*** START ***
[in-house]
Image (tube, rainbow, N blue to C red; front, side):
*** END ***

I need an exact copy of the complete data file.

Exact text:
[in-house]
Image (tube, rainbow, N blue to C red; front, side):